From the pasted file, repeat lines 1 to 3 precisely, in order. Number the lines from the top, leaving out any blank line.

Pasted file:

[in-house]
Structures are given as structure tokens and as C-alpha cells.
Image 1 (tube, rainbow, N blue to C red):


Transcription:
[in-house]
Structures are given as structure tokens and as C-alpha cells.
Image 1 (tube, rainbow, N blue to C red):